oa Southern African Journal of Epidemiology and Infection - Knowledge, treatment-seeking behaviour and socio-economic impact of malaria in the desert of Rajasthan, India : original research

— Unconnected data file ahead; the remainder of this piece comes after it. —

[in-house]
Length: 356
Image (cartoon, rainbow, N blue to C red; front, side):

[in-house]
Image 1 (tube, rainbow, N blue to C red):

Climate change has resulted in water mismanagement, increased population, urbanisation, industrialisation, poor sanitation and other developmental activities in the desert of Rajasthan. As a consequence, malariagenic conditions have developed and malaria is now a major public health problem in this area. Malaria control efforts need to identify associated factors and to integrate these efforts with the information, education and communication campaigns and behaviour change communication campaigns that are targeting the community of this region. To this end, a community-based study of knowledge, treatment-seeking behaviour and the socio-economic impact of malaria was conducted in 18 villages of Ramgarh primary health centre in Jaisalmer district. Three hundred and sixty-five subjects who had contracted malaria at least once in the year before the interview were randomly selected. Data were collected through an interview process. More than two thirds of respondents (69.3%) stated that malaria was transmitted by mosquitoes. Nearly three quarters of respondents (73.7%) identified the symptoms of malaria as shivering, alternating fever and chills, and headaches and vomiting. Just over half the respondents (55.1%) believed that antimalarial drugs, such as chloroquine, could not be administered to pregnant women. 11.8% of subjects were aware of the use of preventative measures against mosquito bites. 7.2 days was the mean time taken by respondents to utilise health facilities for diagnosis and treatment. The treatment cost was significantly higher for those who used private health clinics (rupees 1 200) than it was for those who used government health facilities (Rs. 150/-) (p-value < 0.001). Literate respondents had better knowledge of malaria than illiterate respondents.
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